Rotary Club discusses the Dowagiac Chieftains

DOWAGIAC — Standing behind a podium bearing multiple miniature, colorful flags, Larry Crandall, of Dowagiac told a decades-old tale about how the Dowagiac Chieftains made their most recent logo.

During the Dowagiac Rotary Club’s weekly meeting Thursday, Crandall presented to the club about his experience in creating an agreement with the Pokagon Band of Potawatomi Indians to create a new logo for the Dowagiac Chieftains, of Dowagiac Public Schools, in the mid 1990s.

It all began when Crandall, who was the assistant superintendent of DUS at the time, learned of action in Lansing, Michigan to ban schools from using Native American symbols or names for their mascots. In order to combat this, Crandall met with the tribal chair of the Pokagon Band at the time, Joe Winchester.

When the two met, Winchester expressed interest in keeping the name of the Chieftains, much to Crandall’s relief.

However, Winchester said that some changes would need to be made in order to ensure that the Pokagon Band was being properly honored.

“[Winchester] said to me, ‘I graduated from Dowagiac, and as far as I’m concerned, we will always be the Chieftains,’” Crandall recalled. “But he said that we would need to make some changes.”

The first change to be made was the Chieftain logo. Previously, the logo depicted a Native American wearing a traditional, full headdress. When Winchester informed Crandall that the logo did not depict a Pokagon Potawatomi Indian, the school district turned over the logo to the tribe, and artist Ron Mix, to redesign the logo to better represent a Pokagon Band member. The logo that the tribe came back with is the logo that is still used today.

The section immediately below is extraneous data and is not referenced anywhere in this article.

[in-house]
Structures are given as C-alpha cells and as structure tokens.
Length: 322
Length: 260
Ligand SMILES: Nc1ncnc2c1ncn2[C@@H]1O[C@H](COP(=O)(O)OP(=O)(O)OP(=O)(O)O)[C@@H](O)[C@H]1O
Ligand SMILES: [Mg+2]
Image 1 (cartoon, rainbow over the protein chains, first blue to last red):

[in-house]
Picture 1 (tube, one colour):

The second change was to create programs to educate students and the public about the history of the tribe.

“I think there are books that will provide history that we can put in our libraries to help our students understand and appreciate the history and culture of the Pokagon Band,” Winchester told Crandall at the time.

The third change was to work with the media to ensure that the Chieftain name was not used to create racist or offensive headlines, such as “Chieftains scalp Vikings,” an example of a verbiage that has been used in newspapers covering schools with Native American nicknames across the country.

One of the final changes to be made was to instruct students to stop using offensive chants or hand motions (such as the tomahawk hand motion) during sporting events.

“We are a peaceful tribe,” Crandall recalled Winchester telling him. “We don’t want our pep band using those chants.”

With the changes agreed upon, the Dowagiac Board of Education and the Pokagon Band tribal council signed an agreement. To celebrate, the next fall at Dowagiac’s first football game, the tribe and school board exchanged gifts and gave a presentation on the history of the tribe.

“And we are still the Chieftains,” Crandall said, concluding his presentation. “[The Dowagiac mascot] is really just a part of the great respect and partnership we have with our local tribe.”

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